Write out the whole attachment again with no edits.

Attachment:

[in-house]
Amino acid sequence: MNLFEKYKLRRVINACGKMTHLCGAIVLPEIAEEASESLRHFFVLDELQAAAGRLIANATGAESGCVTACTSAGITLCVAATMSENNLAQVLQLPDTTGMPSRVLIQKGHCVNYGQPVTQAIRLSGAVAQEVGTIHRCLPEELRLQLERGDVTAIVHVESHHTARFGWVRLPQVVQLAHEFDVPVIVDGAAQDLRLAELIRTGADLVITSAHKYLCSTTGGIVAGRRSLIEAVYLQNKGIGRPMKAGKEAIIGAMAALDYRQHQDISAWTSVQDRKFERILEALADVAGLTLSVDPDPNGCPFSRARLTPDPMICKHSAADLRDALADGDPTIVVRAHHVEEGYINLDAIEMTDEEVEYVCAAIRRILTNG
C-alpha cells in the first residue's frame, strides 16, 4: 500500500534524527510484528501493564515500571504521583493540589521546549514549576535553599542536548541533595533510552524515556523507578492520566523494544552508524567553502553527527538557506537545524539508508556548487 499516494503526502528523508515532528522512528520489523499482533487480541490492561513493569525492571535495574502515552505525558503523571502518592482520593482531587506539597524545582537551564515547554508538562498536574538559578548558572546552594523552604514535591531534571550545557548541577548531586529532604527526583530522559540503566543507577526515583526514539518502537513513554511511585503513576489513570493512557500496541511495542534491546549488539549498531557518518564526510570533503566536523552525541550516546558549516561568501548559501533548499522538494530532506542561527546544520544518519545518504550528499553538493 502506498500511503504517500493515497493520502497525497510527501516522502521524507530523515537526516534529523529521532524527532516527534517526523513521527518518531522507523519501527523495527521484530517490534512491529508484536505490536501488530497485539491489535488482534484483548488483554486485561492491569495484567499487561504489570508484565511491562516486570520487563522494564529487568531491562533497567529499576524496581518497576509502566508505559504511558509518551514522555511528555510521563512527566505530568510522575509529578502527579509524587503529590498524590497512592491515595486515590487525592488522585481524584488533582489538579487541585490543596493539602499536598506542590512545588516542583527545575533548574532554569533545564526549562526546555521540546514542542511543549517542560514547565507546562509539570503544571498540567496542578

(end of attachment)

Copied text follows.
[in-house]
Amino acid sequence: MNLFEKYKLRRVINACGKMTHLCGAIVLPEIAEEASESLRHFFVLDELQAAAGRLIANATGAESGCVTACTSAGITLCVAATMSENNLAQVLQLPDTTGMPSRVLIQKGHCVNYGQPVTQAIRLSGAVAQEVGTIHRCLPEELRLQLERGDVTAIVHVESHHTARFGWVRLPQVVQLAHEFDVPVIVDGAAQDLRLAELIRTGADLVITSAHKYLCSTTGGIVAGRRSLIEAVYLQNKGIGRPMKAGKEAIIGAMAALDYRQHQDISAWTSVQDRKFERILEALADVAGLTLSVDPDPNGCPFSRARLTPDPMICKHSAADLRDALADGDPTIVVRAHHVEEGYINLDAIEMTDEEVEYVCAAIRRILTNG
C-alpha cells in the first residue's frame, strides 16, 4: 500500500534524527510484528501493564515500571504521583493540589521546549514549576535553599542536548541533595533510552524515556523507578492520566523494544552508524567553502553527527538557506537545524539508508556548487 499516494503526502528523508515532528522512528520489523499482533487480541490492561513493569525492571535495574502515552505525558503523571502518592482520593482531587506539597524545582537551564515547554508538562498536574538559578548558572546552594523552604514535591531534571550545557548541577548531586529532604527526583530522559540503566543507577526515583526514539518502537513513554511511585503513576489513570493512557500496541511495542534491546549488539549498531557518518564526510570533503566536523552525541550516546558549516561568501548559501533548499522538494530532506542561527546544520544518519545518504550528499553538493 502506498500511503504517500493515497493520502497525497510527501516522502521524507530523515537526516534529523529521532524527532516527534517526523513521527518518531522507523519501527523495527521484530517490534512491529508484536505490536501488530497485539491489535488482534484483548488483554486485561492491569495484567499487561504489570508484565511491562516486570520487563522494564529487568531491562533497567529499576524496581518497576509502566508505559504511558509518551514522555511528555510521563512527566505530568510522575509529578502527579509524587503529590498524590497512592491515595486515590487525592488522585481524584488533582489538579487541585490543596493539602499536598506542590512545588516542583527545575533548574532554569533545564526549562526546555521540546514542542511543549517542560514547565507546562509539570503544571498540567496542578